Thursday, 3 January 2013

How cloud computing can hurt jobs

Cloud computing, regarded as a boon for enterprises, could rain on the party of distributors and resellers who are now an integral part of the technology sales ecosystem. In developed economies, the community of resellers is already shrinking as software and hardware companies engage directly with enterprises. In India, where cloud adoption is just about gaining pace, the drizzle has begun.

"Given the nature of the cloud business, we see that it could be a threat. But the adoption rate is very slow and, therefore, we have a few years before we see signs of trouble," said Ratnesh Rathi, secretary at Computer & Media Dealers Association, whose 350-odd members do business in and around Pune.

Across India, some Rs 61,500 crore worth of hardware and Rs 18,000 crore worth of software products are sold every year, according to industry body Nasscom. And about 23,000 distributors, resellers and retailers - often called channel partners - are responsible for about four-fifths of total sales.

As enterprises move to the cloud for their computing requirements, both hardware and software are delivered over the internet rather than as physical assets that reside on customers' premises. This calls into question the role of channel partners.

Change is on the way, and it could be taking place sooner than many anticipate. A recent study by the Society for Information Management captured early signs of this change. Enterprises used to spend about 32% of their IT budget on in-house hardware in 2011, but that is down to 24% in 2012.

Gartner estimates that $326 million (Rs 1,760 crore) worth of cloud computing services were consumed in India, including software and hardware. Less than one in ten enterprises have adopted cloud computing at present, but the market is expected to grow at an average of 50% every year till 2015.

"Channel partners are facing the ripple effect of the changing times. As clients move to an operational expenditure model, vendors are asking suppliers to learn and change," said KR Chaube, director at Trade Association of Information Technology, or Tait, a group that represents the interests of distributors and resellers in and around Mumbai. "There is a lack of clarity about the cloud among channel partners."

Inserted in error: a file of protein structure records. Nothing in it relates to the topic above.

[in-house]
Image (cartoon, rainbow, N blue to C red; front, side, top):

Some channel partners are beginning to adapt to the changing environment. Among them are Bangalore-based Value Point Systems, a Hewlett-Packard partner for nearly two decades, and Kolkata-based Supertron Electronics that distributes Acer and Dell products. By investing in data centres and offering storage as a service, they are looking to evolve from mere box-pushers to value-added technology solution providers.

Ingram Micro, one of the biggest distributors with revenues of more than Rs 10,000 crore, announced partnerships with Microsoft, Salesforce, Netmagic, Zoho and Ramco to offer cloud-based solutions in both software and hardware.

But those such as Ingram and Value Point are exceptions to the rule. Few channel partners are aware of what they need to do to survive and fewer still are capable and equipped to do it. Vendors such as Microsoft and Dell try to help channel partners but ignorance and inertia stand in the way.

While channel partners in developed markets like Australia and Japan already use cloud-based solutions, Indian partners are less willing to change because their business is yet to be impacted in a significant way, according to a senior executive at Oracle.

"They are still getting business within their specialisation as a hardware-only partner or a network-only partner and this is making them unwilling to change," said Stuart Long, chief technology officer and senior sales consulting director for the Systems Division in Oracle's Asia Pacific and Japan region.

Senior analyst at Forrester Research Tirthankar Sen said that unless partners start building on the "cloud-quotient," they rule out the possibility of being able to growth with the cloud.

According to market researcher AMI Partners, only about 35% of channel partners are offering cloud-based solutions. The rest are exposed to the risk of becoming irrelevant as the cloud grows in size.

"At the end of the day not everybody may make it." said Microsoft India managing director Sanket Akrekar.


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